If I could have one opportunity to meet with the author Scarlett Thomas, I would like to ask her why with all these wonderful ingredients and potentials in “Our Tragic Universe”, she has chosen to disintegrate them into what appears to me as a storyless story (by her definition and by my observation). One that makes me feel tragic to even finish reading the book. If I could meet with Douglas Coupland who wrote that wonderful piece of praise at the back of the book, I would like to ask him specifically how “Our Tragic Universe” manages to surprise him in a terrific way, why he finds it addictive and thinks that the author is a genius. If I could meet with the one who wrote the synopses of the book, I would like to ask why he or she thinks that “Our Tragic Universe” is a book about how relationships are created and destroyed, and how a story might just save our lives. I have devoured the book slowly, from page one to page 425, and I have found none of the above.
Let’s start from the beginning again. These days, I have tried to stick to my initial decision and finish a book that I have started reading. Especially one whose author is not new to me. You may wonder: Wilfrid, you are compelled to finish reading a book because you have spent a fortune on it, yes? The reality is that I seldom buy books these days. I have borrowed “Our Tragic Universe” from the National Library. But still, I had this hope that “Our Tragic Universe” would live it up to my expectation. This book is curiously divided into two parts. In part one, the main character Meg – a book reviewer, a ghost writer, an aspired writer, a lady in her late thirties, a character that at one point I thought Scarlett is Meg – has a rather mundane life that is getting slightly worse. In part two, Meg has a relatively more hopeful life that is getting slightly better. If I may deduce what saves her life (as promised by the synopses), it is money. Or rather the time freed up by not needing to think about making ends meet can be used to do something more interesting. If I may second guess on what the synopses writer means by “Our Tragic Universe” is a book about how relationships are created and destroyed, it merely means that if you stuck or think you stuck in a relationship that is going nowhere, break up and start anew. However, I doubt that is what Scarlett Thomas has intended this book to be (and I surely hope not).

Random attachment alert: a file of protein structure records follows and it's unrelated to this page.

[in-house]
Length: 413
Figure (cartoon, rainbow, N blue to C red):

“Our Tragic Universe”, to me, is an experimental work of writing. A storyless story as defined in page 388 and 389 (and hinted at the very beginning of the story) is as follows.
[The storyless story] is the subtle rejection of story within its own structure … It has no moral center. It is not something from which a reader should strive to learn something, but rather a puzzle or a paradox with no ‘answer’ or ‘solution’, except for false ones. The readers are not encouraged to ‘get into’ the storyless story but to stay outside.
To illustrate what a storyless story is like, here is an example (page 389). By and large, I see the similarity of that and to the entire book.